Shark Dog enlivens a field trip to the great outdoors.
Ms. Ablett invites the child narrator’s father along since he’s a famous explorer, and “it made sense for Shark Dog to join the fun” as well. The trip to the woods starts off as any might, the racially diverse students using magnifying glasses to examine creepy-crawlies and record their finds. But Shark Dog’s arrival at a pond full of identical-looking “frogs and toads” puts an end to the normalcy. And after the kids see tons of flora and fauna on the nature trail, lunch brings rain and mud, which is Shark Dog’s favorite! Afterward, the students pair up to find “something interesting,” many of them bringing their finds back to the group. (Shark Dog brings a branch still attached to a portion of trunk, in the hollow of which sits a perturbed owl.) But the big find (thanks to Shark Dog’s nose) is a bear cub trapped under a fallen tree. The group works together to free it (nothing is said about mama bear) and follows Shark Dog’s sniffer back to the bus. Adamson’s cartoony pencil-and-watercolor illustrations are bright, cheery, and busy, but the outdoor etiquette shown in them is not always spot-on (kids feed a squirrel from their lunches, for example), and the round white eyes of the wildlife give them a rather manic look. The narrator, Dad, and Ms. Ablett all present white.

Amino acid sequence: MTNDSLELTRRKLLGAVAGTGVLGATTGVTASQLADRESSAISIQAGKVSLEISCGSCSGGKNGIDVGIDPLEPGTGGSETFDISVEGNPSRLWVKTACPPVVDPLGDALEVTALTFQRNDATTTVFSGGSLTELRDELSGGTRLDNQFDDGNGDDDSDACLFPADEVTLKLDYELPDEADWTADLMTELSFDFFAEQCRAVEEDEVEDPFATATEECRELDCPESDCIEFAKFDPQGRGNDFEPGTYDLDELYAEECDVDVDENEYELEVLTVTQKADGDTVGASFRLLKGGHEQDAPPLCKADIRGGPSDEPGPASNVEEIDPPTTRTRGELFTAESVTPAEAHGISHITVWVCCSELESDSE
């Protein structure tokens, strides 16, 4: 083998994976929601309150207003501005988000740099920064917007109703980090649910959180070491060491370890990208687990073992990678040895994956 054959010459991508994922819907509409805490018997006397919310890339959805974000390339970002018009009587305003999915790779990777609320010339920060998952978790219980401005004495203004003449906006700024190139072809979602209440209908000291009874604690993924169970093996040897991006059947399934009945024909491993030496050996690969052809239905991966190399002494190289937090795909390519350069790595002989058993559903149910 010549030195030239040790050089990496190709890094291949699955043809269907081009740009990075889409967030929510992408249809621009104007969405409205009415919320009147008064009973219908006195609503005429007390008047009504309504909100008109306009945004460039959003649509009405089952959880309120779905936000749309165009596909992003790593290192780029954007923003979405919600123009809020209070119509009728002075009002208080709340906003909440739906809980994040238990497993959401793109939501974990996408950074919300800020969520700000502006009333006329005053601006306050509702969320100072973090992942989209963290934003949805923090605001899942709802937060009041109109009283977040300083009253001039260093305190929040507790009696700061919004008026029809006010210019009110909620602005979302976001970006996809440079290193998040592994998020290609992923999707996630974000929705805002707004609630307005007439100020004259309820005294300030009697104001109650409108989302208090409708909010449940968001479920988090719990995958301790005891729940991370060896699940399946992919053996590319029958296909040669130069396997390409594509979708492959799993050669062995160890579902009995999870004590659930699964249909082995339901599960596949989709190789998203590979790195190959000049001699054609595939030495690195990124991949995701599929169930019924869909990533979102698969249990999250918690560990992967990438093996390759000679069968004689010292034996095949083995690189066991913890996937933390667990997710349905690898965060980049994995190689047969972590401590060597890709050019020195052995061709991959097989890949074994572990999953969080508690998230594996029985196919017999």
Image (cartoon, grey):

This fantasy field trip is one kids are better off skipping. (Picture book. 4-6)